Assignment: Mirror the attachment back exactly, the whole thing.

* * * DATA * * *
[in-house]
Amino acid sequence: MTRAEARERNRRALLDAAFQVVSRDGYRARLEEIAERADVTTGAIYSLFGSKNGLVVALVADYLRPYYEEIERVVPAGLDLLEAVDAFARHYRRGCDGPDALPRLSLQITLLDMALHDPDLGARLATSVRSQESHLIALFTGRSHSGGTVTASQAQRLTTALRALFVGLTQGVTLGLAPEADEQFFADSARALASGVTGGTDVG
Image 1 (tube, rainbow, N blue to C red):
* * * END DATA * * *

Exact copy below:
[in-house]
Amino acid sequence: MTRAEARERNRRALLDAAFQVVSRDGYRARLEEIAERADVTTGAIYSLFGSKNGLVVALVADYLRPYYEEIERVVPAGLDLLEAVDAFARHYRRGCDGPDALPRLSLQITLLDMALHDPDLGARLATSVRSQESHLIALFTGRSHSGGTVTASQAQRLTTALRALFVGLTQGVTLGLAPEADEQFFADSARALASGVTGGTDVG
Image 1 (tube, rainbow, N blue to C red):